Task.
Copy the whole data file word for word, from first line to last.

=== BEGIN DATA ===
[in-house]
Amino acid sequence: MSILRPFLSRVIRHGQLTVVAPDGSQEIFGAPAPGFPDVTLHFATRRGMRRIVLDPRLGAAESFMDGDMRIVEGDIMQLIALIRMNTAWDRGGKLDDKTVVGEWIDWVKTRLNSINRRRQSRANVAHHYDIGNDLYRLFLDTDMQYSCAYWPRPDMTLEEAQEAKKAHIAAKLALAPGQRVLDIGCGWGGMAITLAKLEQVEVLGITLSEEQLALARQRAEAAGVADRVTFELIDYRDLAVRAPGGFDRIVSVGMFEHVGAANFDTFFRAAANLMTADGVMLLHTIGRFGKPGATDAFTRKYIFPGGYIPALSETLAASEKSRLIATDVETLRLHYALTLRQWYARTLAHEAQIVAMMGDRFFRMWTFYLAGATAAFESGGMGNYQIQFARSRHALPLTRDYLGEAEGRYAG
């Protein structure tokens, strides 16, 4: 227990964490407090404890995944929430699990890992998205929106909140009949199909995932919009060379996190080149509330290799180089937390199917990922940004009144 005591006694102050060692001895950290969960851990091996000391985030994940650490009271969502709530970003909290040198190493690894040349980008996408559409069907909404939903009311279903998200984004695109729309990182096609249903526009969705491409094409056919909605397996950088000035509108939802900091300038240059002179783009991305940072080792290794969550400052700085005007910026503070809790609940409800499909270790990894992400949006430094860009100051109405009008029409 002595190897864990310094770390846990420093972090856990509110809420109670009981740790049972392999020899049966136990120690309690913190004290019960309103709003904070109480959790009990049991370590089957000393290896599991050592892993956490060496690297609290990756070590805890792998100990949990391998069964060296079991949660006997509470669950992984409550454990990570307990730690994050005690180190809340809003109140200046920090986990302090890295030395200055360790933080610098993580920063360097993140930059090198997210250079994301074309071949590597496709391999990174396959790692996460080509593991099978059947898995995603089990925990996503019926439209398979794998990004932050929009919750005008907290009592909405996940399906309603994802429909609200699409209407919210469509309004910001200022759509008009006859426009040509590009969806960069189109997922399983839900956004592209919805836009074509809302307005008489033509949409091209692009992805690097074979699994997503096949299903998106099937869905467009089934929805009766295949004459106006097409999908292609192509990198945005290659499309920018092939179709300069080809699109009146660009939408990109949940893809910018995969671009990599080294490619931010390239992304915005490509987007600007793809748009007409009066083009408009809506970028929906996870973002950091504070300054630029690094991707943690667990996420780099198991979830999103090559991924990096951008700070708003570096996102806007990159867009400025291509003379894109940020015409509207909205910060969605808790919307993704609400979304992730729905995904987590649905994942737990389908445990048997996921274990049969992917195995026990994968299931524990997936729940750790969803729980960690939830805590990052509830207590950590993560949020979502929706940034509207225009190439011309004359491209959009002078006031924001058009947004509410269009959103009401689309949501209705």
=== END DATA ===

[in-house]
Amino acid sequence: MSILRPFLSRVIRHGQLTVVAPDGSQEIFGAPAPGFPDVTLHFATRRGMRRIVLDPRLGAAESFMDGDMRIVEGDIMQLIALIRMNTAWDRGGKLDDKTVVGEWIDWVKTRLNSINRRRQSRANVAHHYDIGNDLYRLFLDTDMQYSCAYWPRPDMTLEEAQEAKKAHIAAKLALAPGQRVLDIGCGWGGMAITLAKLEQVEVLGITLSEEQLALARQRAEAAGVADRVTFELIDYRDLAVRAPGGFDRIVSVGMFEHVGAANFDTFFRAAANLMTADGVMLLHTIGRFGKPGATDAFTRKYIFPGGYIPALSETLAASEKSRLIATDVETLRLHYALTLRQWYARTLAHEAQIVAMMGDRFFRMWTFYLAGATAAFESGGMGNYQIQFARSRHALPLTRDYLGEAEGRYAG
């Protein structure tokens, strides 16, 4: 227990964490407090404890995944929430699990890992998205929106909140009949199909995932919009060379996190080149509330290799180089937390199917990922940004009144 005591006694102050060692001895950290969960851990091996000391985030994940650490009271969502709530970003909290040198190493690894040349980008996408559409069907909404939903009311279903998200984004695109729309990182096609249903526009969705491409094409056919909605397996950088000035509108939802900091300038240059002179783009991305940072080792290794969550400052700085005007910026503070809790609940409800499909270790990894992400949006430094860009100051109405009008029409 002595190897864990310094770390846990420093972090856990509110809420109670009981740790049972392999020899049966136990120690309690913190004290019960309103709003904070109480959790009990049991370590089957000393290896599991050592892993956490060496690297609290990756070590805890792998100990949990391998069964060296079991949660006997509470669950992984409550454990990570307990730690994050005690180190809340809003109140200046920090986990302090890295030395200055360790933080610098993580920063360097993140930059090198997210250079994301074309071949590597496709391999990174396959790692996460080509593991099978059947898995995603089990925990996503019926439209398979794998990004932050929009919750005008907290009592909405996940399906309603994802429909609200699409209407919210469509309004910001200022759509008009006859426009040509590009969806960069189109997922399983839900956004592209919805836009074509809302307005008489033509949409091209692009992805690097074979699994997503096949299903998106099937869905467009089934929805009766295949004459106006097409999908292609192509990198945005290659499309920018092939179709300069080809699109009146660009939408990109949940893809910018995969671009990599080294490619931010390239992304915005490509987007600007793809748009007409009066083009408009809506970028929906996870973002950091504070300054630029690094991707943690667990996420780099198991979830999103090559991924990096951008700070708003570096996102806007990159867009400025291509003379894109940020015409509207909205910060969605808790919307993704609400979304992730729905995904987590649905994942737990389908445990048997996921274990049969992917195995026990994968299931524990997936729940750790969803729980960690939830805590990052509830207590950590993560949020979502929706940034509207225009190439011309004359491209959009002078006031924001058009947004509410269009959103009401689309949501209705």